Armed with bird seed and binoculars, a group of youngsters set out on the Corner Brook Stream Trail to get connected with nature.
They were in good spirits as they participated in the Kids Christmas Bird Count organized by the Humber Natural History Society with Corner Brook biologist and society member Sarah Butt leading the charge of youngsters and parents on Saturday morning.
Butt said the whole idea behind the event was getting young people introduced to nature because interest from the adult side of the society has been waning over the past few years.
“Hopefully we can get them to love nature and protect it,” Butt said before the group left for the trail system.
The group gathered at the Sobey’s Community Room before hitting the trail. They were given a short presentation on what kind of birds they could expect to see along the way, such as chickadees and robins, and they were shown how to effectively use a set of binoculars.
Along the trail, a few chickadees were spotted and that piqued the interest of the young ones, but a raft of ducks in the water near the shoreline appeared to be the biggest hit of the day as children and their parents took advantage of a great photo opportunity.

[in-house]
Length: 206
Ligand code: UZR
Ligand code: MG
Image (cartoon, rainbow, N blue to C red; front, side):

“It’s a lot of fun to go in the woods looking for birds and hanging out with my friends,” said Paddy Bowden during the nature walk along the trail system.
The bird count is important in finding out more about nature. The numbers are used to compare with the ones from the previous year to determine if certain species are losing numbers or rising in numbers. If the numbers are up, Butt said, the environment is actually pretty good, but if they are on the downward spiral it’s important to find out why.
“That’s an indicator of what our natural environment is like,” Butt said.
These young children got a chance to learn birding skills in a social and interactive manner.
Butt believes they are the future protectors of nature, so she was happy to share her wisdom and enthusiasm with a captivated audience.